Former senator Farhatullah Babar said the rights of minorities have been shrinking, and intolerance toward them by the state and by society increasing, despite constitutional guarantees, religious injunctions and international covenants that Pakistan has signed in this regard. HRCP’s National Interfaith Working Group holds inaugural meeting
“I would suggest that the HRCP engage bodies like the National Commission on Human Rights, the Ministry of Human Rights, the human rights committees of the Senate and National Assembly and other bodies as force multipliers to carry forward this task,” he said.
Mr Babar said attention should be given on setting up caucuses in parliament and in provincial assemblies to take up the causes of religious minorities, similar to the women’s caucus in parliament.
Former senator Afrasiab Khattak also emphasised the importance of democratic struggle in this regard.
“There is a need to establish an interfaith committee to address the issues confronted by our religious minorities. They are people of this soil, no matter which religious they follow, as Pakistan is the homeland of people belonging to different religious beliefs,” he said.
For the last 70 years, we have only said that religion is a personal matter and the state’s only role is of a facilitator, former MNA Bushra Gohar said.
She also criticised the government for removing renowned economist Mian Atif from the Economic Advisory Council because of his religion.
“The role of political parties is very crucial in this regard. Unfortunately, whenever we face pressure from extremist groups parties that claimed to be moderate, like the Pakistan Peoples Party, take a back-foot position and play a defensive role,” she said. Fatima Atif, a representative of the Hazara community, said their community has not officially been declared a minority but is still suffering because of their faith.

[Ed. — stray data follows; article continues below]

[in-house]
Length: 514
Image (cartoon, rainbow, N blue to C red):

“Our right to life is being violated because we are a Hazara community. I am sorry to say that the roles of commissions or caucuses are not satisfactory in absence of political willingness,” she said.
Romana, a Christian, also criticised organisations that believed Christians were there to work as cleaners and sweepers.
She said the space for minorities was shrinking in Pakistan.
A circular was issued at the end of the meeting that stated: “Apart from regular interaction with local and provincial stakeholders, including political representatives, the group will also carry out fact-finding exercises to monitor and promote freedom of religion and belief across the country, based on local realities and needs.”
It added that given the wave of religiously motivated violence this year alone, the HRCP believes it is critical that policymakers and civil society be prepared to take bolder and more consistent stances of freedom of religion and belief.

سلیکٹڈ وزیراعظم نے مشکل حالات پیدا کردیے ، بلاول

پیپلز پارٹی کے چیئرمین بلاول بھٹو زرداری نے کہا ہے کہ ملک ایک من پسند